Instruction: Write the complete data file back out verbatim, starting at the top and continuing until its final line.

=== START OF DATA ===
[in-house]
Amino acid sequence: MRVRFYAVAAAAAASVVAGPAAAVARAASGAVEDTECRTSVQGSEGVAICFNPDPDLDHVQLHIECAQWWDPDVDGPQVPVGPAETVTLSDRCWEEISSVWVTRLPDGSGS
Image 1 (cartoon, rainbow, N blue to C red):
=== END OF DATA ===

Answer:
[in-house]
Amino acid sequence: MRVRFYAVAAAAAASVVAGPAAAVARAASGAVEDTECRTSVQGSEGVAICFNPDPDLDHVQLHIECAQWWDPDVDGPQVPVGPAETVTLSDRCWEEISSVWVTRLPDGSGS
Image 1 (cartoon, rainbow, N blue to C red):